In November 2020, California passed Proposition 19, “The Property Tax Transfers, Exemptions, and Revenue for Wildfire Agencies and Counties Amendment.” This amendment, which goes into effect this year, is good news for some property owners—and bad news for others. So who benefits from California Proposition 19? And who doesn’t?
Who Benefits from California Proposition 19?
For California homeowners who are 55+, severely disabled, or a victim of a wildfire or natural disaster, Proposition 19 is good news. Homeowners in this group can sell their residence and bring their property tax base with them to their new California home as long as that home has a lower or equal value.
What’s key to understanding the benefit of Proposition 19 is the fact that in California, home values used as property tax basis are typically the most recent sales price. In other words, property values aren’t typically reassessed unless a sale takes place.
Let’s say Tim is 56 years old. He bought his home in 1990 for $150,000, and that sum serves as the tax base for his 1% property tax. The home is now worth 500,000. Before Proposition 19, if he sold his home and bought a new one for $350,000, he’d wind up paying more in property taxes each year.
Thanks to Prop. 19, however, as of April 1, 2021, he can now buy a home for as much as $500,000—and still keep the same property tax base as on his old home: $150,000. And he can do that for up to three times in his lifetime anywhere in California!
But what happens if Time buys a home for $650,000? Well, he keeps his old tax base of $150,000 on the first $500,000 value, and the remaining $150,000 will be added to the first $150,000. His total tax base is then $300,000.
Who Doesn’t Benefit?
Prop. 19 makes it more expensive for a child to inherit property from his or her parents. Prior to Prop. 19, parents could transfer $1 million each, as well as their primary residence, to their children without the property values being reassessed.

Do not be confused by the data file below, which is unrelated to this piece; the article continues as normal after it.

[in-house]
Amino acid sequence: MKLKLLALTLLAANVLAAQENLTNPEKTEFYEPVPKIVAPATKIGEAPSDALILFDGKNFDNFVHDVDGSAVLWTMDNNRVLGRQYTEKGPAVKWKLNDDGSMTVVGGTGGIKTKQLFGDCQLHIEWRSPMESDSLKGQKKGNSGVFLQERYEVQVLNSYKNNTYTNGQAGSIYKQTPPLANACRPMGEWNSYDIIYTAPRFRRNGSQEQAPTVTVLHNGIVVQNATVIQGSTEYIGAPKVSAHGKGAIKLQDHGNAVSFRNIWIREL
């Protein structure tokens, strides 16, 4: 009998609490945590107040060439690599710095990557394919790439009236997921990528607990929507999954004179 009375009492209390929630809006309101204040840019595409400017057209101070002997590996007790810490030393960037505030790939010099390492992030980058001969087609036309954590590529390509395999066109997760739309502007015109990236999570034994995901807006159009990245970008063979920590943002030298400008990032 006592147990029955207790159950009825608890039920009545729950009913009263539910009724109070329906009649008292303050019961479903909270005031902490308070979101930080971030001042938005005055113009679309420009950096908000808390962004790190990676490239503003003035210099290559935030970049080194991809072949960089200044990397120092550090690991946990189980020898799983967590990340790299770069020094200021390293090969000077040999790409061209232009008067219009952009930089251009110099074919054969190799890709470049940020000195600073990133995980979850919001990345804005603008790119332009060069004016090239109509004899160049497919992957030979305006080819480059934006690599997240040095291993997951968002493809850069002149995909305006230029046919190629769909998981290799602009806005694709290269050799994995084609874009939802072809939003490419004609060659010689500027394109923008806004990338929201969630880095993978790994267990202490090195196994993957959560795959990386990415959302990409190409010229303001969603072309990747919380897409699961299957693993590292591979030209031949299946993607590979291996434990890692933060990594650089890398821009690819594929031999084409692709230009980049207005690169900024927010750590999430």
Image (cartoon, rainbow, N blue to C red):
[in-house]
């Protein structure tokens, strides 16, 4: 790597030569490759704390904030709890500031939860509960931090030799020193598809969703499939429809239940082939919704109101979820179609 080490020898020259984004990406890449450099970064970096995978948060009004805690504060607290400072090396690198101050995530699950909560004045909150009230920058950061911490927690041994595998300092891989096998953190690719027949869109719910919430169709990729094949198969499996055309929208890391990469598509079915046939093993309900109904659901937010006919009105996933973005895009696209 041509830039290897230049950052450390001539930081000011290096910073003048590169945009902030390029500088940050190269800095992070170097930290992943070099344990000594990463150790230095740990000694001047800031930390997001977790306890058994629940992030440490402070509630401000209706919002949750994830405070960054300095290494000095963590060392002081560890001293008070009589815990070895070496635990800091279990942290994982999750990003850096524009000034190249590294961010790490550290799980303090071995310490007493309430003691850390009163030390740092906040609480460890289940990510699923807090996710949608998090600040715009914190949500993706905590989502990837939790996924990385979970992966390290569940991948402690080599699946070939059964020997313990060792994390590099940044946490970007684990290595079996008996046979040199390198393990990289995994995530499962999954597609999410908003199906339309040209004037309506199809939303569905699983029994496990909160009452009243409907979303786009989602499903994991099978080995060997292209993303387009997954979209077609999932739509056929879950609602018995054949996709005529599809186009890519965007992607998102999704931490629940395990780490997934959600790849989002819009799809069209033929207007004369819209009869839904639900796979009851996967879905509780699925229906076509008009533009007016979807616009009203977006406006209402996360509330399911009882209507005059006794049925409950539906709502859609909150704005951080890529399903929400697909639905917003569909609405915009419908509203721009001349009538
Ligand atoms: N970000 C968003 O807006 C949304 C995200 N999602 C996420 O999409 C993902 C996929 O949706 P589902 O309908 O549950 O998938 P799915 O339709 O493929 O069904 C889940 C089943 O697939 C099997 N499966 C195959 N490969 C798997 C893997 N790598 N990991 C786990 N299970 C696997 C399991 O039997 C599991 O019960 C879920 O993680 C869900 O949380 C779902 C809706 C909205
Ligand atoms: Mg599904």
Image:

Starting on February 16, the transfer of property from a parent to a child will only be exempt from reassessment if the property was the principal residence of the parent. Additionally, upon transfer, it will become the primary residence of the child. However, the exemption only applies as far as the assessed property’s value plus $1 million.
For example, Marjory bought her home in 1980 for $100,000. At the time of her death, it’s valued at $1.5 million. Her daughter Sadie inherits the home as her primary residence. She can exclude $1.1 million from increased property tax assessments—but not the remaining $400,000. As a result, Sadie will pay property taxes on a tax base of $500,000.
Get Professional Insights
Parents who plan to leave their primary residences to their children are best advised to consult with a knowledgeable real estate professional to discuss options such as lifetime gifts or trusts. For more information on how to best advise your clients, please contact us at Escrow Hub. We can connect you with resources that can provide more in-depth information.